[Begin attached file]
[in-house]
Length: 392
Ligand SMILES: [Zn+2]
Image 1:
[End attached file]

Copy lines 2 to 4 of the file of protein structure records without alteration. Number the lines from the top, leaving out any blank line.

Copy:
Length: 392
Ligand SMILES: [Zn+2]
Image 1: